It's fairly easy for elementary aged students to stay organized during the school year
. But once a child enters middle school, schedules can become overwhelming and students can loose control fairly quickly. Here's how to help your middle schooler establish strong organizational skills, to last throughout the middle school years.
Stay Organized Through Middle School
Keep A Weekly Calendar: Calendars are key for staying on top of assignments, projects and other deadlines. Your child will likely have a calendar in one of his notebooks or agenda, but it's also important for him to keep a calendar at home. Having a visual reminder whenever he walks into his room or the kitchen, will help prompt him to tackle assignments and work on projects ahead of time. Be sure you help your middle schooler estimate how much time he'll need for daily homework assignments, as well as for research papers, or special projects that require additional attention and time commitments.
Keep the Locker Organized: Papers, homework, books and handouts can get lost easily in a messy school locker. Encourage your tween to clean out his locker once a week, getting rid of old papers, filing away quizzes and tests, and chucking snacks, empty water bottles and other debris. An organized locker will help your child locate much needed items quickly, and prevent him from loosing important items and supplies.
Watch His Schedule: Children who aren't organized or who have trouble keeping up with their assignments may have schedules that are overbooked. If your child struggles to stay on top of things, it could be that he has too much to do in the course of a day. Be honest about your child's commitments, and if necessary, help him decide whether or not an activity or two should be dropped. Helping your child prioritize his schedule will benefit him now and later in life.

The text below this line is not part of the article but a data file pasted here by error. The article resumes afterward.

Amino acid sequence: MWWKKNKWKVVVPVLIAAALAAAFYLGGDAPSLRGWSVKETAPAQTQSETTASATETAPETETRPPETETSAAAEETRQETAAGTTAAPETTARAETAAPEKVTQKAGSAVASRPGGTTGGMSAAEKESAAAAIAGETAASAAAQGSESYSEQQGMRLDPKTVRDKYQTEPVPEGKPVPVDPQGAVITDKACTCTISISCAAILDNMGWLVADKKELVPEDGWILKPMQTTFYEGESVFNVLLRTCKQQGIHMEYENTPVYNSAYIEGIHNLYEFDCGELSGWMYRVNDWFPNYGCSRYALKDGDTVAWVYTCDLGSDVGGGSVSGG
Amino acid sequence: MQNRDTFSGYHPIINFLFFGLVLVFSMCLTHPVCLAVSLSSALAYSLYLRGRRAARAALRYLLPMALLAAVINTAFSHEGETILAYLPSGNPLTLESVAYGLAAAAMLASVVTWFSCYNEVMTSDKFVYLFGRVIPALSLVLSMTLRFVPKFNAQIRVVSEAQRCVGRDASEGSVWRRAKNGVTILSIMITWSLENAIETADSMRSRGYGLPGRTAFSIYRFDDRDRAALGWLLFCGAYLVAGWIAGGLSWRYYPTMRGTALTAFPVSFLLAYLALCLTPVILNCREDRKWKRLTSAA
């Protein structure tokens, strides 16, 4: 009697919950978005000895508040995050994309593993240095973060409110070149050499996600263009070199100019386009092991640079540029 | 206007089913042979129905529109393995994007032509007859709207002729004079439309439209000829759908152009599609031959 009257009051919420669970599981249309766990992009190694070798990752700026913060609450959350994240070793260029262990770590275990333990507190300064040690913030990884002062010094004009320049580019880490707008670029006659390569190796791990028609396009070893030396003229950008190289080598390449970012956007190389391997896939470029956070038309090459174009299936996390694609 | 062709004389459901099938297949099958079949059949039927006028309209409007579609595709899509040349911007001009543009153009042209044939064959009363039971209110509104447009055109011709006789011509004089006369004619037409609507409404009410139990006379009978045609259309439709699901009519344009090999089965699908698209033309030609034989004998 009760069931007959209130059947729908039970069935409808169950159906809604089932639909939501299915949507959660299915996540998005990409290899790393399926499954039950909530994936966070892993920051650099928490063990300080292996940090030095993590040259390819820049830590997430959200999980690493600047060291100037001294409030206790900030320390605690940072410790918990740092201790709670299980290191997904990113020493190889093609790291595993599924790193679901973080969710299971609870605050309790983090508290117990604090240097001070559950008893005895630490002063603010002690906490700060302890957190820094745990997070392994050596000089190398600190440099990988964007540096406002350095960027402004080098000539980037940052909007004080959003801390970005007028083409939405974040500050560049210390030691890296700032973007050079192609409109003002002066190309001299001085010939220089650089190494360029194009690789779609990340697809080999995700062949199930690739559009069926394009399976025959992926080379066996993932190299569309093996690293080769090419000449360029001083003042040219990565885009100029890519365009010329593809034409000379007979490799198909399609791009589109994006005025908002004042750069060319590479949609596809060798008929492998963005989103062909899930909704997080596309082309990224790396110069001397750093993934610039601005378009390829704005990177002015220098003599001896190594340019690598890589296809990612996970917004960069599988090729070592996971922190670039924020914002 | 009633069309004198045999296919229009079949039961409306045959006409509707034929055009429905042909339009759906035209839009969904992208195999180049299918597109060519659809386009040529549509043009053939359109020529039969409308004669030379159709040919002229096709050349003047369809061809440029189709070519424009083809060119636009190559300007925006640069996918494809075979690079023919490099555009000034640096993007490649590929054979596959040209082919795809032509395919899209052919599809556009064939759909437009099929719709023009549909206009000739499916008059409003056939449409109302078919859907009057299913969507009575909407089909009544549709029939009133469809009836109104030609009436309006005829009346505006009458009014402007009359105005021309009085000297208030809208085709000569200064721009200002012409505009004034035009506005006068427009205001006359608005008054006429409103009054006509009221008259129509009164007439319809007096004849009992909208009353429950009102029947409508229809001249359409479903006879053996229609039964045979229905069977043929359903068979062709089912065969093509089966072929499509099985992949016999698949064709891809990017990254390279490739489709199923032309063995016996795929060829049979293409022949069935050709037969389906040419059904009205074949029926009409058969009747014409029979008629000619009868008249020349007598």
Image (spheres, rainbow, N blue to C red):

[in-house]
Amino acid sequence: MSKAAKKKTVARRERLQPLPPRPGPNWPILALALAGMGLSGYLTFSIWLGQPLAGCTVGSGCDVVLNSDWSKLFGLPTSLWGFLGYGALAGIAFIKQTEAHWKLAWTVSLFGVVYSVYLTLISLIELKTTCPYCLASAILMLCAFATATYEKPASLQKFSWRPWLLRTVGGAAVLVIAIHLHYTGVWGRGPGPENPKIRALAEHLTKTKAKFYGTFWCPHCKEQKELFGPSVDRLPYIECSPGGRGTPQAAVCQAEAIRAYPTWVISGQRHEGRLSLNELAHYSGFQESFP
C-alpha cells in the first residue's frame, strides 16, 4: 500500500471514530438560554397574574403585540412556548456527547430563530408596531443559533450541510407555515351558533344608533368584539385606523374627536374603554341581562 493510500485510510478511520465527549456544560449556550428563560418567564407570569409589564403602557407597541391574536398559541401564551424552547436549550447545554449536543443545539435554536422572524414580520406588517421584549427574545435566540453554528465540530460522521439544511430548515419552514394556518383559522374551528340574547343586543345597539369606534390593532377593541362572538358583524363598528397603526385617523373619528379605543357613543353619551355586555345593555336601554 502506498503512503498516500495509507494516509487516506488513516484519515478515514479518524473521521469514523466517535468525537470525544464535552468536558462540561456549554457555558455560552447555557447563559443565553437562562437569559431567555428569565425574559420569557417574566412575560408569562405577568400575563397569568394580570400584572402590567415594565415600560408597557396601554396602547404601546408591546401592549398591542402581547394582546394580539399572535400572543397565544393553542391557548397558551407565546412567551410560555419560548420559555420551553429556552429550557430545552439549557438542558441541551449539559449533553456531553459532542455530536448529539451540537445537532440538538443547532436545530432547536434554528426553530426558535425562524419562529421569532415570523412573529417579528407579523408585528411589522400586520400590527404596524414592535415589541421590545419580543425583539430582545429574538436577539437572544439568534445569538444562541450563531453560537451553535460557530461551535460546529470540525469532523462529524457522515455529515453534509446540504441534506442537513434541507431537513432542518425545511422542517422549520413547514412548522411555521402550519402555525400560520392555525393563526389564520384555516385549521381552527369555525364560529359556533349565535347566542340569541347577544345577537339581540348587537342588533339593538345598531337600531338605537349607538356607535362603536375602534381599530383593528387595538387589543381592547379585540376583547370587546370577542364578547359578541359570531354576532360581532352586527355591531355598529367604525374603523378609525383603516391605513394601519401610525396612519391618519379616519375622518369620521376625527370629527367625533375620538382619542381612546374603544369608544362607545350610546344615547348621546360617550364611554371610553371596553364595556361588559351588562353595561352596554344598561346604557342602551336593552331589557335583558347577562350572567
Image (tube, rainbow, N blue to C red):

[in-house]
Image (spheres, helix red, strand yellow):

Develop a Homework Schedule: It might be a good idea to help your tween establish a daily homework schedule. For example, your child might want to begin homework everyday as soon as he gets home and has a snack. Or, it might be best that he tackle homework in the evenings after dinner. Figure out what schedule works best for him, and encourage him to stick to it.
Stock His Locker: Your tween's locker should have a few backup supplies such as a folder, an extra notebook, a few extra pencils, and some loose leaf paper. In addition, make sure your child has a few dollars in his locker in case he needs to purchase something from the school store at the last minute. Having extra supplies on hand will help keep him organized and get him through unexpected challenges.
Check the Web: Teachers are posting assignments online more and more, and that can give parents a lot of insight on homework, projects, etc. If your child's teachers post online, be sure to check their boards frequently to see what your child should be working on. You might even be able to tell if your tween has been turning assignments in on time, or has missed an assignment or two.
Keep the Conversation Going: Be sure to ask your child how school is going from time to time, and be sure to ask about assignments, projects, etc. Getting your tween to talk about school, and offering up non-judgmental advice on tackling projects and mastering time management, might be enough to help keep him on top of things. Also, be sure to share any organizational tips that work for you either at home or work.